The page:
The Operating Suite is home to the da Vinci robot and the Mazor Robotics Renaissance Guidance System, the only one of its kind in New England for robotic-guided spine surgery. The suite includes 10 operating rooms, each with LED boom lighting, special rubber floors and air filtration systems for infection control, high-definition Black Diamond Video systems for enhanced surgical vision, live-broadcasting for medical education and physician training, and real-time communication with the Department of Pathology.

A 1,200-square-foot hybrid operating room will open this fall, equipped with advanced imaging capabilities for minimally invasive and complex procedures.

Four high-tech smart robots called TUGS will deliver pharmacy medications to nursing units across the hospital, along with high-speed, wall-based tube systems.

Other safety measures include a centralized monitoring system, allowing patients to be observed remotely 24 hours a day by technicians, in addition to traditional bedside monitoring by their nurses. And those nurses will be able to reach patients even faster if anything happens, thanks to Rauland Responder bedside call systems.

“The technology that we are now able to use for our patients is going to enhance the care that we deliver,” said Anne Sakitis, nurse manager of the orthopaedic surgery floor. “We are great at what we do, but we are going to do it even better in the new tower.”

The tower has six inpatient floors dedicated to intensive care, intermediate care, medicine, oncology, orthopaedic surgery, and general surgery, and 169 private patient rooms, including 28 private rooms in the intensive care unit. Each room honors one of Connecticut’s towns with a scenic nature photograph taken in that town by a local photographer, and features a view of the Farmington Valley, a high-tech bed and monitoring equipment, a private bathroom, and a couch that turns into a bed for visitors. The hospital now has 24/7 visiting hours.

The Emergency Department includes more than 40 patient rooms and five patient care zones, ranging from fast-track care for minor emergencies to advanced trauma care. It has onsite CT scan and X-ray, decontamination and resuscitation rooms, and an emergency dental chair.

The new tower is also home to a dedicated Dialysis Care Center, a Bone Marrow Transplant Unit, a Respiratory Therapy Department, and a physical/occupational therapy and rehabilitation gym. There are more than 80 ceiling lifts located throughout the hospital for safe patient handling.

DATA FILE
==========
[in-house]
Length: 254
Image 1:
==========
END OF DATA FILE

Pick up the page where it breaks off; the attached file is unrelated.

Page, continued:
“This tower represents a new era at UConn Health and for health care in our state. The opening of the new hospital tower is a very special generational milestone,” said UConn John Dempsey Hospital CEO Anne Diamond. “We did it! We dreamed it, we built it, and now we’ve opened it.”


Gallery: Inside the New Tower

A patient and staff are seen inside the Emergency Department waiting area. A children’s play area is inside opaque glass walls.

A UConn Health nurse shows a patient how to adjust her bed in a room on the sixth floor of the UConn Health new tower. It's open and spacious and large windows
Dr. David McFadden, surgeon-in-chief, gives direction in one of 10 new operating rooms. The room is equipped with a Black Diamond video camera, near top left, which allows surgeons to view a close-up video of procedures. Additional screens allow doctors to compare video to radiology scans to enhance precision.

Honor Roll – Spring 2016

UConn John Dempsey Hospital earned an ‘A’ in patient safety for fall 2015 from premier nonprofit hospital safety advocate The Leapfrog Group.


Dr. Robert L. Trestman is a co-recipient of the 2016 Manfred S. Guttmacher Award from the American Psychiatric Association and the American Academy of Psychiatry and the Law (AAPL) for his outstanding contributions to the literature of forensic psychiatry.


Dr. Pamela Moore was named Best Doctor in the Willimantic Chronicle’s 2015 Readers’ Choice Awards.


The UConn School of Dental Medicine was named winner of the 2016 William J. Gies Award for Outstanding Achievement by an Academic Dental Institution.


Reinhard C. Laubenbacher, Ph.D., of UConn Health and The Jackson Laboratory (JAX) for Genomic Medicine has been named a Fellow of the American Association for the Advancement of Science (AAAS) and co-editor of the Bulletin of Mathematical Biology.


Dr. Bruce Strober and Dr. Jane Grant-Kels were honored with Presidential Citations by the American Academy of Dermatology (AAD) at its annual meeting in Washington, D.C. on March 3.